123 Go To Section: 4 Suburbs and Metropolitan Areas The Suburb Boom About half of all Americans live in suburbs. Suburbs grew rapidly after World War II. Americans wanted more room, cheaper land, privacy, and less pollution and congestion. Businesses moved to the suburbs for cheaper land, lower taxes, and a stable labor supply. The move to the suburbs made many urban areas less financially stable and socially inclusive. Metropolitan Areas Some suburbs have difficulty meeting the service needs of their residents. Metropolitan areas have been created that annex outlying areas. Special districts are created that cross the boundaries of county and city lines. Chapter 25, Section
123 Go To Section: 4 Section 2 Review 1. What percentage of Americans live in cities and suburbs today? (a) under 20 percent (b) 50 percent (c) 60 percent (d) over 75 percent 2. Which is not one of the functions of municipalities? (a) wastewater treatment (b) creating state parks (c) regulating traffic (d) managing public housing Chapter 25, Section 2 Want to connect to the Magruder’s link for this section? Click Here!Click Here!
123 Go To Section: 4 Chapter 25, Section 3 Providing Important Functions S E C T I O N 3 Providing Important Functions Why do State governments have a major role in providing important services? What types of services do State and local governments provide? Why do the amount and types of services available to citizens vary greatly from State to State?
123 Go To Section: 4 State Government’s Role Chapter 25, Section The U.S. Constitution reserves to the States all the powers not expressly delegated to Congress and not specifically denied to the States. State responsibilities are to “establish Justice, ensure domestic Tranquility, provide for the common defense, promote the general Welfare, and secure the Blessings of Liberty.”
123 Go To Section: 4 State and Local Services Chapter 25 Section
123 Go To Section: 4 Variations in Services State and local governments vary in the amount and types of services they offer according to the degree of urbanization. They also vary according to physical geography (energy supplies, agricultural resources, and proximity to transportation networks and major markets). Chapter 25, Section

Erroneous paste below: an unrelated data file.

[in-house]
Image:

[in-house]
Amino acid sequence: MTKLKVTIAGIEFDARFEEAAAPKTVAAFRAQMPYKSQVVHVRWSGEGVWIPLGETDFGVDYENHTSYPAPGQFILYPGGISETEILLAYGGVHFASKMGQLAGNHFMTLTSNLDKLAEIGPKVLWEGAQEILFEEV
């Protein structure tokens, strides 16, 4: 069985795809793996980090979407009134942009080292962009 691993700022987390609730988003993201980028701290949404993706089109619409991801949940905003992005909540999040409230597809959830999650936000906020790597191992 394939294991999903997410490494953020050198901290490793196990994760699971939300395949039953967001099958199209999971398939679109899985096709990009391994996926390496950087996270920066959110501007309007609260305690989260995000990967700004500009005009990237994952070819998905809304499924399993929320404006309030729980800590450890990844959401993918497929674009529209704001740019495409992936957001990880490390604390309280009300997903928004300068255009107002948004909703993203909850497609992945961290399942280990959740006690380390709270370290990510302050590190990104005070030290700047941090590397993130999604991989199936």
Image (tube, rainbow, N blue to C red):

123 Go To Section: 4 Section 3 Review 1. What is the major category of State and local spending? (a) public safety (b) highways (c) natural resources (d) education 2. State budgets vary according to (a) the U.S. Congress. (b) shield law. (c) urbanization and physical geography. (d) common law. Chapter 25, Section 3 Want to connect to the Magruder’s link for this section? Click Here!Click Here!
123 Go To Section: 4 Financing State and Local Government S E C T I O N 4 Financing State and Local Government What are the major Federal and State limits on raising revenue? What are the four principles of sound taxation? What are the major tax and nontax sources of State and local revenue? How can we describe the State budget process? Chapter 25, Section
123 Go To Section: 4 Limits on Raising Revenue Chapter 25, Section Federal Limitations States cannot raise revenue from: interstate and foreign commerce the Federal Government and its agencies any unfairly imposed or administered tax taxes that require confiscated property taxes imposed for other than public purposes State Limitations State constitutions limit the State and local taxing powers. Most constitutions create tax- exempt groups. State codes often set maximum rates for levies. Some taxes are prohibited.
123 Go To Section: 4 The Principles of Sound Taxation Subjects contribute in proportion to their abilities. Taxes are certain and not arbitrary. Taxes are levied at a time and in a manner convenient to the contributor. Taxes should not take much more money from the people than government needs. Chapter 25, Section
123 Go To Section: 4 Sources of Revenue Chapter 25, Section
123 Go To Section: 4 The Budget Process Each agency prepares estimates of its needs for the upcoming year. Estimates are reviewed by an executive budget agency. The revised estimates and supporting information are presented as the governor’s budget. The budget is considered part by part, funds are appropriated, and revenue measures passed by the legislature. The governor supervises the execution of the budget approved by the legislature. The execution of the budget is checked independently by auditors. Chapter 25, Section
123 Go To Section: 4 Section 4 Review 1. The Federal Government does not allow States to tax (a) interstate commerce. (b) the sale of food. (c) property. (d) income. 2. What is the major source of state and local revenue? (a) individual income tax (b) property tax (c) corporate income tax (d) sales tax Chapter 25, Section 4 Want to connect to the Magruder’s link for this section? Click Here!Click Here!